Genetic discovery for schizophrenia and bipolar disorder lags behind that in other areas of medicine, where the identification of mutations responsible for familial forms of major disorders has yielded extraordinary biological insights. However, recent successes in gene identification from both rare and common variant analyses indicate what the field needs to do to catch up: expand the size, diversity and scope of genetic studies. Indeed, NIMH recognized this need, issuing PAR-20-027, ?Genetic Architecture of Mental Disorders in Ancestrally Diverse Populations.? In response to this call, we will create the Populations Underrepresented in Mental illness Association Studies (PUMAS) Project, an international collaboration of investigators from the US, South America and Africa with the strongest track record of large-scale psychiatric genetic research in Latino and African populations, along with several of the field?s leaders in genetic data generation and analysis. PUMAS will be well powered to discover new genes for schizophrenia and bipolar; it will dramatically increase the diversity of genetic discovery efforts, an important step towards reducing health disparities; and it will expand the scope of psychiatric genomics by generating low-pass whole genome sequencing for 120,000 samples (which we will analyze together with 22,500 samples already sequenced by our team). Through these efforts we will also discover similarities and differences in genetic architecture of schizophrenia and bipolar across diverse ancestries and environments.
The Aims of the PUMAS project are to: 1) Build the PUMAS sample bank of schizophrenia cases, bipolar cases and controls from Africa and from admixed populations in the Americas, achieving a total sample of 183,500 (88,600 cases and 94,900 matched population controls) by recruiting 17,000 new cases and 16,500 controls. 2) Generate low-pass whole genome sequencing (WGS) data and variant calls on 40,000 cases of schizophrenia, 40,000 cases of bipolar disorder and 40,000 matched controls from African, Native American and admixed ancestries b) perform extensive sample and variant quality control. 3) a) Systematically analyze the combined dataset to power discovery of the genetic basis of schizophrenia and bipolar across diverse ancestries and down the allele frequency spectrum; and b) through portals and browsers, share the data and results of the genetic studies with the world. The PUMAS 120,000 sample WGS dataset, together with data for 22,500 previously sequenced admixed (AA+EA) samples, provides sufficient statistical power for genetic discovery for SZ, BP, and combined across diverse ancestries. Our study will identify new genes and loci, increase the precision of fine-mapping of known loci, and form the foundational knowledge base for polygenic risk scores (PRS) of global value.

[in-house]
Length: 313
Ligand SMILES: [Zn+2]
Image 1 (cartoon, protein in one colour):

Public Health Relevance

The Populations Underrepresented in Mental illness Association Studies (PUMAS) Project will collect samples from 17,000 individuals with severe mental illness from across African and the Americas to create a total sample dataset of 183,000 from across Africa and the Americas. We will generate and analyze whole genome sequencing data on 40,000 schizophrenia patients, 40,000 bipolar patients and 40,000 controls to learn the similarities and differences of the genetic architecture of severe mental illness across diverse ancestries and environments.

National Institute of Health (NIH)
National Institute of Mental Health (NIMH)
Research Project--Cooperative Agreements (U01)
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Special Emphasis Panel (ZMH1)
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Gitik, Miri
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University of California Los Angeles
Schools of Medicine
Los Angeles
United States
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